Women experience all types of health changes before, during, and after menopause. From hot flashes to weight gain to mood swings, we endure it all as our capes ripple in the wind. Thanks to the decades of research on menopause symptoms, there’s plenty of information available about this special time of our lives. However, there’s one symptom that flies under the radar and can go unnoticed until it’s too late: the silent killer High blood pressure (hypertension).
What is Hypertension?
Hypertension, or high blood pressure, occurs when the force of your blood pushing through your arteries is consistently high. Your blood must pump at a healthy speed to deliver oxygen to your various organs. However, when the pressure is too strong, it can damage your arteries and your heart.
During menopause, the level of estrogen in a woman’s body dramatically decreases.
One key role of estrogen is to keep the artery walls flexible. When blood pressure increases and the arteries are too stiff to accommodate it, there’s a serious risk of damage to the arteries and the heart. This is possibly one of the reasons why there’s an increase in heart attacks among women 10 years after starting menopause.
Why Does Hypertension Occur During Menopause?
As mentioned, one theory of why menopausal women often experience high blood pressure is their decrease in estrogen. Estrogen contains a natural compound called nitric oxide which is responsible for expanding blood vessels. By allowing the vessels to expand and remain flexible, blood can flow through them easier.
Since women lose estrogen as they age, they also lose nitric oxide. With less nitric oxide in your system, your blood vessels must work harder to dilate and allow the blood to flow. Your heart must pump the blood harder to get it to circulate, hence the increase in blood pressure.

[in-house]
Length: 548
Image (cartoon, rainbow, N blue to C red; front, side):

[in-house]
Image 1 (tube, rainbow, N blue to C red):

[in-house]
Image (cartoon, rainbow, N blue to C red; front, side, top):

Another theory is that women tend to gain weight during menopause due to a decrease in estrogen, poor sleep, and decreased metabolism. When the body carries extra weight, more pressure is put on the arteries to efficiently push the blood to different organs.
Symptoms of High Blood Pressure
Unfortunately, doctors call high blood pressure “the silent killer” for a reason. It often goes without any symptoms. By the time you do notice symptoms (heart palpitations, chest pressure, shortness of breath, dizziness), you should go to the hospital immediately.
Check your blood pressure regularly during and post-menopause to ensure it stays within a healthy range. Ideally, your blood pressure should be between 90 over 60 and 120 over 80.
When left untreated, high blood pressure can lead to stroke, heart attack, vision loss, and kidney failure.
How to Treat High Blood Pressure
It’s so important to focus on living a healthy lifestyle during menopause. Since weight gain is a trigger for hypertension, many of the tips for treating it relate to maintaining a healthy weight.
Here are some ways to control hypertension:
- Decrease the amount of processed foods you eat
- Eat plenty of heart-healthy foods (fruits, vegetables, and whole grains)
- Decrease your sodium intake
- Get active every day
- Quit smoking and limit your alcohol consumption
Your doctor may also prescribe medication to regulate your blood pressure.
Another way you can impact your blood pressure is by managing your stress. When you feel stressed and anxious, your blood pressure rises.
One way to relieve your stress during menopause is to talk about it. There are tons of online menopause support groups you can join and feel less alone. Or, consider speaking with a counsellor who’s knowledgeable in menopause.